Preconfiguring packages ...
Selecting previously unselected package mysql-common.
Setting up mysql-community-client (8.0.31-1debian11) ...
Processing triggers for libc-bin (2.31-13+deb11u4) ...

At this time, the latest version of the MySQL apt repo is 0.8.24-1. When running these same commands at a later time, we can adjust the version accordingly, if necessary.

After we run the installation commands, we can check whether MySQL is up and running. Shell commands like mysqlshow and mysqlcheck come in handy here.

3. Using the yum Command

When trying to do a clean MySQL reinstall on a Red Hat Linux distro, we can use yum. Like the apt command, we’ll start with uninstallation.

3.1. Uninstalling MySQL

To ensure we remove MySQL and its dependencies, we use the autoremove subcommand of yum:

$ sudo yum autoremove mysql\* -y
Loaded plugins: fastestmirror
Resolving Dependencies
--> Running transaction check
---> Package mysql-community-client.x86_64 0:8.0.31-1.el7 will be erased
--> Processing Dependency: mysql-community-client(x86-64) >= 8.0.11 for package: mysql-community-server-8.0.31-1.el7.x86_64
Removed: mysql-community-client.x86_64 0:8.0.31-1.el7 Dependency Removed: libaio.x86_64 0:0.3.109-13.el7 mysql-community-client-plugins.x86_64 0:8.0.31-1.el7 mysql-community-common.x86_64 0:8.0.31-1.el7 mysql-community-icu-data-files.x86_64 0:8.0.31-1.el7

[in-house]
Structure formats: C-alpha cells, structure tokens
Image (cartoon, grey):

Since using yum remove alone doesn’t remove dependencies, we use autoremove to completely remove any trace of MySQL.

After running the command above, we can again use find to check for any related files we don’t want:

$ sudo find / -name mysql

In this case, the output reveals we have three leftover MySQL files. Let’s delete them manually using the rm command:

$ sudo rm -rf /var/lib/mysql /usr/lib64/mysql

Then, we verify all of them are gone:

$ sudo find / -name mysql

At this time, we should be ready for a reinstall.

3.2. Reinstalling MySQL

To reinstall MySQL, we can use yum install:

$ sudo yum install mysql

However, in the absence of the MySQL yum repo, this may pick the MariaDB package. To avoid that, we’ll add the MySQL repo first:

$ wget https://dev.mysql.com/get/mysql80-community-release-el7-7.noarch.rpm
--2022-12-28 16:37:32--  https://dev.mysql.com/get/mysql80-community-release-el7-7.noarch.rpm
Resolving dev.mysql.com (dev.mysql.com)..., 2a02:26f0:e0:5bd::2e31, 2a02:26f0:e0:594::2e31
Connecting to dev.mysql.com (dev.mysql.com)||:443... connected.
HTTP request sent, awaiting response... 302 Moved Temporarily